Humza Yousaf admits SNP ministers encouraged to delete WhatsApps
Humza Yousaf admits SNP ministers were encouraged to ‘routinely delete’ WhatsApp messages amid row over Nicola Sturgeon’s texts during Covid pandemic
Humza Yousaf today admitted SNP ministers were encouraged to ‘routinely delete’ WhatsApp messages amid a row over texts from the Covid pandemic.
The First Minister revealed there was a ‘social media messaging policy’ that required Scottish Government figures to remove their communications.
There is concern about the extent of evidence being handed over to the UK’s Covid Inquiry by those who headed Scotland’s response to the crisis.
Opponents have questioned ‘what the SNP government is trying to hide’ following claims ex-first minister Nicola Sturgeon manually deleted WhatsApps from her phone.
The Sunday Mail reported that documents given to the inquiry show she is among a number of senior Scottish Government figures to have said their WhatsApp data no longer exists.
It has also been claimed that Professor Jason Leitch, Scotland’s clinical director, cleared his messages every day and so does not have any left from the outbreak of the virus.
Humza Yousaf admitted SNP ministers were encouraged to ‘routinely delete’ WhatsApp messages amid a row over texts from the Covid pandemic.
Opponents have questioned ‘what the SNP government is trying to hide’ following claims ex-first minister Nicola Sturgeon manually deleted WhatsApps from her phone
Speaking to reporters today, Mr Yousaf – who was Scotland’s health secretary between May 2021 and March this year – stressed he had kept his own WhatsApp messages.
‘I have kept WhatsApp messages and fully intend to hand them over to the Covid inquiry,’ the SNP leader said.
‘Whatever the Covid inquiry wishes to see, I’m more than happy to do that. I’ve certainly retained my WhatsApp messages.’
Asked about reports that both Ms Sturgeon and Professor Leitch had deleted their messages, Mr Yousaf added: ‘I’m confident the former first minister can speak for herself in terms of what she has kept, what she has retained and what she hasn’t done and the rationale for that.
‘Remember, of course, we had a social media messaging policy which actually required us to routinely delete WhatsApp messages, and that was the policy at the time.
‘Of course, the ‘do not destroy’ notice is one that I expect everybody to comply with – Scottish Government ministers, former ministers and, of course, government officials, clinical directors and clinical advisers.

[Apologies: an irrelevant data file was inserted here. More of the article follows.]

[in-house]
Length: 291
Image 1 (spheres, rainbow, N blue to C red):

‘That is my expectation.’
A Scottish Covid inquiry, announced by Ms Sturgeon in May 2020 as an addition to the UK probe, issued a ‘do not destroy’ order at the beginning of August 2022.
This means it could be an offence for witnesses to have deleted Covid-related messages after that date.
The UK inquiry’s legal team has said it believes the ‘majority’ of messages shared among Scottish Government officials during the pandemic ‘have not been retained’.
The Scottish Government said reports on Friday suggesting Professor Leitch was among people who did not keep informal messages were incorrect.
Scottish Labour has written to Scotland’s most senior civil servant, John-Paul Marks, asking for an urgent update on the state of data retention in the Scottish Government.
Scottish Labour deputy leader Jackie Baillie said ‘These bombshell revelations call into question what the SNP government is trying to hide.
‘Humza Yousaf said his government would co-operate fully with the Covid inquiries but this promise has been left in tatters.’
A spokesman for Ms Sturgeon said: ‘Nicola will continue to provide all information requested by the inquiry that she holds and will continue to co-operate fully with both the UK and Scottish Covid inquiries.
‘She has recently submitted her third written statement to the UK inquiry, running to around 200 pages, and expects to give oral evidence again next year when she will answer all questions put to her.’
Commenting in relation to all the former Scottish Government ministers, including Ms Sturgeon, an SNP spokesman said: ‘There has never been any hesitation by former members of the Scottish Government to provide any and all information they hold, when appropriately and legally requested by the UK and Scottish inquiries, and they will continue to co-operate fully.
‘It would not be appropriate to comment further.’
There has also been a row over the retention of WhatsApp messages among UK Government ministers and officials.
The UK inquiry today heard how Martin Reynolds, the principal private secretary for former prime minister Boris Johnson, turned on a ‘disappearing message function’ on a WhatsApp group titled ‘PM Updates’ on April 15, 2021.
Asked why he had turned the function on, Mr Reynolds said: ‘I can guess or I can speculate, but I cannot recall exactly why I did so.’
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